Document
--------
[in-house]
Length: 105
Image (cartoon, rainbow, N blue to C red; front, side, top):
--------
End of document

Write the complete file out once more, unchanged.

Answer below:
[in-house]
Length: 105
Image (cartoon, rainbow, N blue to C red; front, side, top):